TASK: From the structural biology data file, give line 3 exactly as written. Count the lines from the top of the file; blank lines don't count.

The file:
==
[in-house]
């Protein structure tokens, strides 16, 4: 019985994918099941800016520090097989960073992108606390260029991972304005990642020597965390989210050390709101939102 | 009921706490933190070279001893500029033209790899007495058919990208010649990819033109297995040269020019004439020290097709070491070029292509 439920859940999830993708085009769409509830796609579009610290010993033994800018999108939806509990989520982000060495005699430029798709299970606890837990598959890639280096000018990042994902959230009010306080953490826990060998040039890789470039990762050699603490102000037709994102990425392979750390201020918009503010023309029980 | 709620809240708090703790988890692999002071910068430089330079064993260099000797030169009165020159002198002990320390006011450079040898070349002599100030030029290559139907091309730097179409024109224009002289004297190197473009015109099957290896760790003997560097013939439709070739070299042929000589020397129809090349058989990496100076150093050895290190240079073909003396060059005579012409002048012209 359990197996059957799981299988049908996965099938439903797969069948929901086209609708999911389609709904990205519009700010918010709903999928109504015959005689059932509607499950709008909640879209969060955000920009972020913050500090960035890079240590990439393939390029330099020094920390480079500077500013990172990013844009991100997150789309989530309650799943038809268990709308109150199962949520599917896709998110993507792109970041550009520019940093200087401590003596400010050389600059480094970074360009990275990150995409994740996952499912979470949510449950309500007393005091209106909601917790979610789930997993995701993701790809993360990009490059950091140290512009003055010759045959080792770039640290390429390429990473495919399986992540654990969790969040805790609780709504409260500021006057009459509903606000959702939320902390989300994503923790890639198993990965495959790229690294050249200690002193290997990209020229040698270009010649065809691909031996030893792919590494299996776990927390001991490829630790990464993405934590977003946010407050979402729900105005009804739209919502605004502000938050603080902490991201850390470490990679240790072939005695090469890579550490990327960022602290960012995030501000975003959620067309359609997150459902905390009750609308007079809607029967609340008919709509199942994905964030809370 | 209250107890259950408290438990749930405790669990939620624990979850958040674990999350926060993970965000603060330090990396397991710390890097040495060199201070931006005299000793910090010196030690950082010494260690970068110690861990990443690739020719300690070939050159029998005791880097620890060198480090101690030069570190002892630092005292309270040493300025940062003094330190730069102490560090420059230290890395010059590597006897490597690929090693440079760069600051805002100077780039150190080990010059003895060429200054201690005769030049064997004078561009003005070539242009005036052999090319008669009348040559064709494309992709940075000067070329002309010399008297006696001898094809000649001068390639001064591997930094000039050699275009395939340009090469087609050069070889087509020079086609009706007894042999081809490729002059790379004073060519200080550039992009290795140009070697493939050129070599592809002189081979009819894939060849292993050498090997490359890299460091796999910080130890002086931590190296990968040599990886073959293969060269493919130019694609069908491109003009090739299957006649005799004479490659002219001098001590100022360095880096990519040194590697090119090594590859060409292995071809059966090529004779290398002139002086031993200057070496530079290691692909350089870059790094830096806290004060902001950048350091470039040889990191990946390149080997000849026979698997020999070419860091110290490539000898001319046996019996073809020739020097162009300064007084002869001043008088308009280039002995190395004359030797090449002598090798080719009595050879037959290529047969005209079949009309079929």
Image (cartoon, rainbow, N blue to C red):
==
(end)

Image (cartoon, rainbow, N blue to C red):